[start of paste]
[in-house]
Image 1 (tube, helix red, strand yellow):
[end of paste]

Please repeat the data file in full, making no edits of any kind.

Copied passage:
[in-house]
Image 1 (tube, helix red, strand yellow):